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Thomas Barfield's Top Book Recommendations

Want to know what books Thomas Barfield recommends on their reading list? We've researched interviews, social media posts, podcasts, and articles to build a comprehensive list of Thomas Barfield's favorite book recommendations of all time.

The riveting story that inspired Kipling's classic tale and a John Huston movie

The true story of Josiah Harlan, a Pennsylvania Quaker and the first American ever to enter Afghanistan, has never been told before. Soldier, spy, doctor, naturalist, traveler and writer, Josiah Harlan wanted to be a king, with all the imperialist hubris of his times. In an amazing twenty-year journey around Central Asia, he was variously employed as surgeon to the Maharaja of Punjab, revolutionary agent for the exiled Afghan King, and then commander-in-chief of the Afghan armies. In 1838, he set...
Recommended by Thomas Barfield, and 1 others.

Thomas BarfieldThe title is taken from the Kipling novel of the same name, in which a Westerner goes to somewhere like Afghanistan and is made king. The idea for the story came at least in part from Josiah Harlan, the first American in Afghanistan. He served as a general in the pay of the Afghan amir Dost Muhammad in the 1830s until the British invaded Afghanistan and expelled him. He was very anti the British... (Source)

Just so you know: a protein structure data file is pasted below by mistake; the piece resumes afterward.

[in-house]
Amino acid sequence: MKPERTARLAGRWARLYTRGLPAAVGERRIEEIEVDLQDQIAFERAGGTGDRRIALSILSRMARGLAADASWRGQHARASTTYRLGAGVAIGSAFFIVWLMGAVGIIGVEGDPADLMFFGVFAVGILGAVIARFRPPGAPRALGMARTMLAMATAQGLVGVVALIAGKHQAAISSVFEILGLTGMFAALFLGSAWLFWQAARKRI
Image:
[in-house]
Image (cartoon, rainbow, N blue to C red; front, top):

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This political and diplomatic history of late nineteenth-century Afghanistan and its major ethnic groups lays bare how the ground was laid for the emergence of Afghanistan as a nation-state as well as for the implementation of schemes of modernization. It describes how Amir Sher 'Ali Khan and, more fully, Amir 'Abd al-Rahman Khan for the first time consolidated the authority of the central government at the expense of the traditional autonomous local magnates, and thus managed to organize a centralized monarchical state and extend its direct rule thoughout Afghanistan. They did so in the days... more
Recommended by Thomas Barfield, and 1 others.

Thomas BarfieldHassan Kakar was one of the first professionally trained historians in Afghanistan. He got his degree from SOAS in London in the late 1960s and was also one of the first to give equal weight to both British and Afghan sources. I have followed his work for close to 40 years. It is a synthesis that manages to show how both internal and external dynamics have shaped the course of Afghan history.... (Source)

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Recommended by Thomas Barfield, and 1 others.

Thomas BarfieldBuzkashi means, literally, goat-grabbing. It is a very famous game played in North Afghanistan which is a bit like polo played with a dead goat, or rather a calf because the Afghans say a goat is too fragile and the game ends too fast! In this type of polo a scrum of horsemen battle to grab the carcass and break free with it to win the round. It is a very exciting game because there are no rules,... (Source)